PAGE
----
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Roundup and Commentary: FCA's Mission

OAC Digest: Special Editions
FCA, OAC Digest

06 February 2017

Andrew Bailey, Chief Executive of the Financial Conduct Authority (FCA), launched a consultation on the FCA's guiding set of principles towards the end of 2016.

Background information:

Key themes that the FCA is consulting on include:

  • Protecting consumers – In an environment where consumers are increasingly expected to take responsibility for their own financial decisions, what is the right level of consumer protection; and how does the FCA balance the responsibilities of firms and consumers?
  • Vulnerable consumers – Should the FCA prioritise the protection of vulnerable consumers and if so how?
  • Delivering consumer redress – What should the role of the FCA be in redress schemes, for example in dealing with activity outside the FCA’s remit?
  • When the FCA intervenes – How the FCA identifies harm and how it decides which approach to take to address it; and how can the FCA be clearer for firms, consumers and stakeholders on what it is doing and why?
  • The scope of regulation – Explaining the remit the FCA has for taking action and the circumstances in which the FCA may intervene with regard to unregulated activities.
  • The interaction between regulation and public policy – Explaining this interaction using examples including access to financial services and price discrimination.
  • Competition, supervision and enforcement – Providing clarity and seeking feedback on the FCA’s current approach to using its different regulatory powers and tools.
  • FCA Handbook – Seeking suggestions on a proposed review of the FCA Handbook which sets out the rules for firms.

The consultation period ended on 26 January 2017.

In response to the consultation, Rt Hon. Andrew Tyrie MP, Chairman of the Treasury Committee, said:

“At a quick read it looks like a robust attempt to give the FCA a much clearer sense of direction. It also attempts to identify what the FCA cannot reasonably be expected to do. Both are certainly needed. So is the greater transparency about its decisions and choice of priorities, promised in the FCA's consultation document.

“The FCA now has a responsibility to do much better than their predecessor regulator, the FSA. And Parliament has a responsibility not to make the regulator's job impossible by imposing unreasonably heavy demands on it.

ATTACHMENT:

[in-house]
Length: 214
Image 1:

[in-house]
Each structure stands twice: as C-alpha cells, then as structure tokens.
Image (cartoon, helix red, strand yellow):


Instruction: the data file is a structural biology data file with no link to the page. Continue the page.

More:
“Andrew Bailey has many challenges ahead of him, including the publication of the FCA's report on its review of RBS' treatment of small businesses, the need to strengthen the resilience of IT systems in banks, and reforming the FSCS levy."

The financial services sector had told the FCA that it needed clarity and a sense of direction from the regulator. The FCA has published a number of themes which are "beginning to emerge" from the consultation process into its proposed mission statement.

In its update, the FCA has said: "Respondents largely agree with affording more protection to vulnerable consumers but have different views on who a vulnerable consumer is and emphasizes the need for clear definitions.

"Respondents think we should adopt a more active role in sharing lessons learned and good practice. Respondents would like more tailored communications that illustrate risks for their particular market."

A particular area for discussion is on the use of rules or principles. Some respondents wanted "clear sets of principles for business" rather than prescriptive rules but others preferred more clarity on existing rules, which they felt were too vague.

The FCA has issued a set of questions to clarify what the industry thinks its position should be on various themes.  For example, it has asked how the industry thinks it can better communicate the choices it makes, who should be included in the definition of a vulnerable consumer and what the extra protection they get should look like.  It has also asked for clarity on the circumstances in which prescriptive rules or higher level principles are more appropriate.

The mission document aims to set out when the FCA would intervene, saying it intends to be more transparent about the things it chooses to do and the things it decides not to do.

It also pledged to be clearer in communicating its assessment of the underlying cause of harm or risk it is seeking to address.

The FCA is also asking whether its approach to long-term products is working. It said they are affected by uncertainty and "present bias", making the regulation of these products "inevitably challenging".

The paper states that the regulator will be issuing a call for evidence, seeking views on the FCA’s Handbook and particularly where clarification would be useful. 

OAC considers that this is an excellent opportunity for practitioners to express their views to the regulator.

Jackie Wright

For more information
Jackie Wright
Senior Regulatory Compliance Consultant

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